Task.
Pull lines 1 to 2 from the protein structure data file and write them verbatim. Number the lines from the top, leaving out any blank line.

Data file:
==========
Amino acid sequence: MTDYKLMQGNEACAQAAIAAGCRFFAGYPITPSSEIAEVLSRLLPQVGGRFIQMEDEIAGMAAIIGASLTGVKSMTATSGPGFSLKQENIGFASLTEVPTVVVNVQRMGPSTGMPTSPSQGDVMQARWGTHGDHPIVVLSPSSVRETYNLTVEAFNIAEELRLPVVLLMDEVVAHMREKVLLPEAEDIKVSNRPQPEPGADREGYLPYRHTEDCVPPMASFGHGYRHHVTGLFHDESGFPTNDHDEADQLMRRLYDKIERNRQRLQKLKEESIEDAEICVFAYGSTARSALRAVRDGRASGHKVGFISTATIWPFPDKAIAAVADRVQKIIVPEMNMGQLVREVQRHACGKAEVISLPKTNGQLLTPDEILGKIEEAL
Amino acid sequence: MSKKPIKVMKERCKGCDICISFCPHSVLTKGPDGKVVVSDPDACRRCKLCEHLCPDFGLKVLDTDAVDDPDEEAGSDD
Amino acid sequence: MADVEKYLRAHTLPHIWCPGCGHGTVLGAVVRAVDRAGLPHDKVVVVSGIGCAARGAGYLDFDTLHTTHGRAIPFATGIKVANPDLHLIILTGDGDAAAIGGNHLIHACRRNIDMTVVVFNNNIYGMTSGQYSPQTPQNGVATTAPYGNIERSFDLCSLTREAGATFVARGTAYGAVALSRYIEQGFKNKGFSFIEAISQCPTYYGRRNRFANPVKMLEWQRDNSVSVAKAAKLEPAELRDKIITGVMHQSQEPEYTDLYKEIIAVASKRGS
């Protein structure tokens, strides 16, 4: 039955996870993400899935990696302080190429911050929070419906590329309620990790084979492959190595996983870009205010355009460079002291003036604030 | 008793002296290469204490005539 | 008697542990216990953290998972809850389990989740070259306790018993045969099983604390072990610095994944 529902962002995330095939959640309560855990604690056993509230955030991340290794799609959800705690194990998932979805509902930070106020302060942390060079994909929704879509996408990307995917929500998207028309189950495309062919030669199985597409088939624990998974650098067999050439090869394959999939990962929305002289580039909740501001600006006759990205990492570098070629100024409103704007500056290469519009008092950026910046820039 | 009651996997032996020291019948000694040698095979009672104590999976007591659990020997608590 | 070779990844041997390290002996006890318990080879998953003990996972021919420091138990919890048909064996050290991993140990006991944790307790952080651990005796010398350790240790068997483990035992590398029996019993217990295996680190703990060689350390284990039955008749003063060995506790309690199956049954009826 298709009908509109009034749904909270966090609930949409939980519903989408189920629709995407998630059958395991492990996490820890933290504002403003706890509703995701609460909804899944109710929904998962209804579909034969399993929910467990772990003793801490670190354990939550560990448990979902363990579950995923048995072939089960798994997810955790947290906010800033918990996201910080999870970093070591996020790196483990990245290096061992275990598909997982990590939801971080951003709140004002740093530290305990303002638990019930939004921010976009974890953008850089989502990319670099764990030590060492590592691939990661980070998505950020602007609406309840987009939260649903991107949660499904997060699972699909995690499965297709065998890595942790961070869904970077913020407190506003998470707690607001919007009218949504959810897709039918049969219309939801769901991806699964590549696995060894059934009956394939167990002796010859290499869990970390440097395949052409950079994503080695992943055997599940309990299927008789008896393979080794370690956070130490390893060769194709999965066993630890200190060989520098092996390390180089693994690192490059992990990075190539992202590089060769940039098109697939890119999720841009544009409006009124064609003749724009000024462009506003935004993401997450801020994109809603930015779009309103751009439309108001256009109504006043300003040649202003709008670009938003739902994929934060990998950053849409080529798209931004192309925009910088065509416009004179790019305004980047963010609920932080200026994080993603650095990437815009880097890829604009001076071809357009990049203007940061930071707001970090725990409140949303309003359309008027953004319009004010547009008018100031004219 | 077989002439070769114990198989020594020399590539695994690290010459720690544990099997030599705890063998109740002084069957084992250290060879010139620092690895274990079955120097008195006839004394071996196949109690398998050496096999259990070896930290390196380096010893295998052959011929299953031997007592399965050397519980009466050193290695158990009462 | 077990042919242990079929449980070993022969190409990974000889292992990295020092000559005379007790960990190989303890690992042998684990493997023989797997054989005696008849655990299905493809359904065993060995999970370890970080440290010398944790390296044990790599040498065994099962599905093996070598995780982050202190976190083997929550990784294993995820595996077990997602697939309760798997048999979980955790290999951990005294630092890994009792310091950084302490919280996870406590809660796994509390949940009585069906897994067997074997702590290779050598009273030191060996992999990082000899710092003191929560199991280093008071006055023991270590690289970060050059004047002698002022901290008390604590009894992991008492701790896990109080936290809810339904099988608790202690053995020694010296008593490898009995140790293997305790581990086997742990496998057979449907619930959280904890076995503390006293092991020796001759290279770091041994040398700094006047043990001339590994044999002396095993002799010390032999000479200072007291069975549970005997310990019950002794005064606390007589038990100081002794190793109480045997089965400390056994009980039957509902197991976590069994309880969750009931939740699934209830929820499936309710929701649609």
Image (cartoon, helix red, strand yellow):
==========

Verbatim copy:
Amino acid sequence: MTDYKLMQGNEACAQAAIAAGCRFFAGYPITPSSEIAEVLSRLLPQVGGRFIQMEDEIAGMAAIIGASLTGVKSMTATSGPGFSLKQENIGFASLTEVPTVVVNVQRMGPSTGMPTSPSQGDVMQARWGTHGDHPIVVLSPSSVRETYNLTVEAFNIAEELRLPVVLLMDEVVAHMREKVLLPEAEDIKVSNRPQPEPGADREGYLPYRHTEDCVPPMASFGHGYRHHVTGLFHDESGFPTNDHDEADQLMRRLYDKIERNRQRLQKLKEESIEDAEICVFAYGSTARSALRAVRDGRASGHKVGFISTATIWPFPDKAIAAVADRVQKIIVPEMNMGQLVREVQRHACGKAEVISLPKTNGQLLTPDEILGKIEEAL
Amino acid sequence: MSKKPIKVMKERCKGCDICISFCPHSVLTKGPDGKVVVSDPDACRRCKLCEHLCPDFGLKVLDTDAVDDPDEEAGSDD